Damian McGee-Backes got a big surprise on his first day at Totino-Grace High School in Fridley.
"The kids in my classes asked me what lunch I had. Then they said, 'Sit by me.'"
It's hard to blame Damian for being overjoyed by this simple gesture. The 15-year-old is one of six plaintiffs in the federal civil-rights lawsuit settled last week against the Anoka-Hennepin School District. The lawsuit argued successfully that the district did not adequately respond to constant physical and verbal harassment of students based on real or perceived sexual orientation.
Damian isn't gay, but his two dads are. The past five years were a nightmare for all of them. Happily, emphasis is on "were." Damian sleeps well again, enjoys gymnastics and dreams of becoming a teacher.
"I'm proud I was in the lawsuit, but it's time for me to move on," said Damian, who transferred from Champlin Park High School to Totino-Grace in December as a ninth-grader. "It's done. I love school now and I feel safer in it. I've put everything behind me and I'm starting fresh."
If there's anything we've learned here, it's that we must never make a child have to say those words again.
The five-year anti-harassment partnership created, as part of the settlement, between the school district and the federal departments of Justice and Education is a commendable bridge to healing. But it's important that we don't walk away assuming our work is done.
The district's "neutrality" policy no doubt created harm and confusion and handcuffed teachers who wanted to do the right thing. But no well-intentioned partnership will succeed without universal, and constant, vigilance by all of us, no matter which school district our kids are in.
Until reading the complaint, I didn't understand fully what kids like Damian were up against. The bullying of Damian began in fifth grade, ramping up in middle school where he was stabbed in the neck with a pencil, choked in the bathroom, pushed into lockers, knocked down in the hallways. Small and a gymnast, he was called "Gaymian" and other vulgarities.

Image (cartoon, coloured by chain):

"People knew I had two dads," he said, "and perceived I was gay because of that. But I wasn't." It wasn't just one bully. It was a group of students, most of them unknown to him. His friends were his saving grace, but they couldn't protect him all the time.
Like most kids, he kept the torture from his parents. But his grades slipped, he couldn't sleep and he had "major meltdowns" at home, said his dad, Jason Backes, an autism consultant. Backes and Damian's other father, Michael McGee, approached the school on numerous occasions to express their growing concerns.
"We hoped that things would just get better," Backes said, "but they continued. The culture was just toxic."
It was painful for them, too. "You're wondering how he's doing today," Backes said, "sending him back to school after he begged to be home-schooled ... "
" ... Or sending him back to school one day after being stabbed in the neck with a pencil," added McGee, a buyer for Target. "Maybe we're the crazy ones."
Being part of a class-action suit allowed Damian "to see all the support from a group of people he didn't know," Backes said. "He got his courage."
His sister, Alex, 14, is happy at Jackson Middle School in Champlin and "hasn't felt the pain he has," Backes said. "Being a girl with two dads seems to be treated differently than being a boy with two dads."
Alex is glad that the suit's been settled and she won't have to see her brother "come home and not want to go back to school."
Backes said healing began the minute Damian entered Totino-Grace. Yet, "there's still this feeling in the pit of my stomach ... is this going to happen again?"
McGee nods. "There are a lot of people out there who have no idea what their kids are doing. As a parent, I'm so proud of Damian, but there's a lot of guilt. How did I ever allow him to be in this situation? Not a day goes by that I don't wonder what I could have done to not put him in that position."
Damian reassures his dads. At Totino-Grace, he tells them, "if a student says a mean word, other kids turn around and tell that kid to knock it off."